|Year : 2017 | Volume
| Issue : 2 | Page : 115-121
Evaluation of ilizarov role in correction of relapsed clubfoot
Khaled S Salama, Moawed F El-Adawy, Sam S Samaan, Ibrahim I Rakha
Department of Orthopedic Surgery, Faculty of Medicine, Suez Canal University, Ismailia, Egypt
|Date of Submission||15-Mar-2014|
|Date of Acceptance||20-Dec-2014|
|Date of Web Publication||23-Nov-2017|
Moawed F El-Adawy
Department of Orthopedic Surgery, Faculty of Medicine, Suez Canal University, Ring Road 41111 Ismailia
Source of Support: None, Conflict of Interest: None
Background About 20% of operated clubfeet develop recurrence or show a marked residual deformity. The failure of concentric reduction at the time of initial surgery has to be considered as a main factor. Residual forefoot adduction and supination are the most common persistent deformities. Methods of classification, assessment, and treatment of this problem were advanced over many years. Conventional management techniques tend to have many disadvantages including neurovascular injury, soft tissue problems, and a shortened foot.
Patients and methods We present our experience in correction of 20 relapsed clubfeet deformities managed by gradual correction using Ilizarov frame without soft tissue release or bony procedures. The age at the time of operation ranged from 3 to 7 years with a mean of 4.4±1.31 years. The duration of use of fixators for correction ranged from 6 to 8 weeks with a mean of 7.09±0.37 weeks. This was followed by 6 weeks of leg cast. The patient was followed up with the use of custom-made shoes. The follow-up period ranged from 24 to 31 months, with a mean of 27.68±1.91 months.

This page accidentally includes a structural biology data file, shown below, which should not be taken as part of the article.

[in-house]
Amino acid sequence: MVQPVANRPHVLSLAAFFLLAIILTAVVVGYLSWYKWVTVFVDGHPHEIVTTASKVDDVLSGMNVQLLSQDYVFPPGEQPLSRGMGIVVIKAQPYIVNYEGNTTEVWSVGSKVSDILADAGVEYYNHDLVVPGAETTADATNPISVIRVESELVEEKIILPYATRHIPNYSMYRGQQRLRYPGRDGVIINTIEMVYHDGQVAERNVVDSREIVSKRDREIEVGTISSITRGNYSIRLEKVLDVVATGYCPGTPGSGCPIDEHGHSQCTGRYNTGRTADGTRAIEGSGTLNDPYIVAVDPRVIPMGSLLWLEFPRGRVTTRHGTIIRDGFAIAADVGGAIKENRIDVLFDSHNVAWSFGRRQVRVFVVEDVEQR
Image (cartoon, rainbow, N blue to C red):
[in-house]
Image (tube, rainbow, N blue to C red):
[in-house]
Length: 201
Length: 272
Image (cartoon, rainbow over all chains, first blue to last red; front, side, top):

Results In all, 8 ft (40%) achieved excellent results, 6 ft (30%) achieved good results, 4 ft (20%) achieved fair results, and 2 ft (10%) achieved poor results. Complications were reported as pin tract infection in 6 ft, residual forefoot adduction in 4 ft, joint stiffness in 4 ft, toe flexion deformity in 2 ft, and radiological osteopenia in 2 ft.
Conclusion The Ilizarov technique in relapsed complex foot deformity correction enables correction of individual components of the deformity at rates that may be tailored to achieve accurate three-dimensional control using an easy-to-handle, light, cheap, and simple frame.
Keywords: complex foot deformities, gradual correction, ilizarov, relapsed
|How to cite this article:|
Salama KS, El-Adawy MF, Samaan SS, Rakha II. Evaluation of ilizarov role in correction of relapsed clubfoot. Egypt Orthop J 2017;52:115-21
|How to cite this URL:|
Salama KS, El-Adawy MF, Samaan SS, Rakha II. Evaluation of ilizarov role in correction of relapsed clubfoot. Egypt Orthop J [serial online] 2017 [cited 2018 Mar 19];52:115-21. Available from: http://www.eoj.eg.net/text.asp?2017/52/2/115/219094
| Introduction|| |
Complex foot deformity is described as a foot with multiplanar deformities with or without foot shortening, and has been managed through extensive soft-tissue release, osteotomies, or arthrodesis . Conventional techniques have many complications including neurovascular injury, soft-tissue problems, and a shortened foot. The management of these deformities after one or more surgical procedures is difficult . The aim of the treatment of congenital talipes equinovarus (CTEV) is to obtain a functional, pain-free, and plantigrade foot, which is able to wear a normal shoe .